He called the Board of Estimate and Taxation “interesting” and said he “looked forward to learning more about it” as “it’s really quite fascinating.”
“The only actual requirements in the charter is to have a Chief Executive, the Mayor, and to have all of you, the legislative body, the Council, … the structure is all up to you to decide how much structure you want to put in the charter,” he said.
Then there are the functions of government. Mednick said he really tries to lead his client Charter Commissions, Mayors and legislative bodies into “an understanding of what is the proper balance between legislative function and executive function.”
The charter is 197 pages and 63 of them are devoted to taxing districts; you don’t get to the Common Council until page 81 and the Mayor doesn’t have a dedicated chapter, Mednick said.
“You may say, ‘Well, it’s there, Steve. So what are you worried about?’ Try finding it … to see what the powers of the Mayor are, what the powers of the Council are,” he said.
A charter is a blueprint, a document to establish accountability for government officers and administrative functions, but the explanations are “all over the place,” Mednick said.
“The budget process should be linear. You as members of the Council, the Board of Estimate, the Mayor, the members of the public should be able to look at the process and say this is where it starts. And this is where it ends. And you can’t do that right now in your charter,” he said.
But fixing a charter is “sometimes an incremental process,” and he started work on Hartford’s charter 20 years ago, he said. He’s also worked on Waterbury’s charter, and “they’re both, I think, in pretty good shape.”
He’s currently working on Fairfield and Hamden, he said. “The best one I did was Bridgeport, but that lost 10 years ago on the referendum, over a miscue on structure, the Board of Education, which killed the whole charter to unfortunately…All three of my charters in New Britain were adopted.”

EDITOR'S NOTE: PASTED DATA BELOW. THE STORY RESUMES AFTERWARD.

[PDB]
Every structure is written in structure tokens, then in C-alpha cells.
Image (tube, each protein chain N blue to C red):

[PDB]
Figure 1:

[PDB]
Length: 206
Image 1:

Mednick’s three-year contract is based on an hourly rate and the $100,000 mentioned is a maximum amount, Livingston said, explaining in an email that “Attorney Mednick estimated the cost to be (a) $10-15,000 +/- (FY 2021-2022); (b) $75,000 +/- (FY 2022-2023); and (c) $15,000 +/- (FY 2023-2024), plus out of pocket and other necessary expenses.”
Mayor Harry Rilling said Tuesday that he met Mednick at the Western Connecticut Council of Governments (WestCOG) and found him to be “very capable.” Livingston said Mednick invited him to be on a panel and “we’ve been talking about this for years… we were very impressed with his knowledge and experience and his approach.”
“We need somebody to guide us and the Commission, too. Not just tell them what to do, kind of help them through the process,” Rilling said. It’s very complex, and he and Livingston agree that “this would be an ongoing process” because the charter needs so much work.
Mednick’s first step “is to take the charter and reorganize it, as he said, linearly, so that it’s easier to follow,” Livingston said. The Charter Revision Commission will then work from that cleaned-up document, deciding whether to propose substantive changes such as the length of the terms elected official serve.
Livingston acknowledged the mistakes of the past and the need to educate the public this time.
Mednick said he encourages charter revision supporters to write op-eds and use social media to advocate for a document.
“A lot of towns don’t know this, but you can do an explanatory text under the statutes that the municipality can pay for,” he said. “It’s not a partisan document. And it’s not an argumentative document. It’s a factual document that lays out for the voters what has changed in each section of the charter, how you have made those changes and where they are in the charter. So that’s number one. That’s done by the town clerk. Working with the Corporation Counsel, I usually provide some assistance in putting that document together. And it varies from town to town.”
He said, “The other thing is I tell commissioners, is that if you sign on to this, your job doesn’t end when the Council approves your work. You really should form a Political Action Committee, a bipartisan Political Action Committee, hopefully, and work on educating the public so that people don’t forget about it. I’m always worried, every charter, I worry that it’s going to lose, because somebody may demagogue against an issue or no one will pay attention to the issue. So I can’t tell you that it’s 100%. But … I’ve been pretty lucky in the way that we’ve done it, no guarantees on anything.”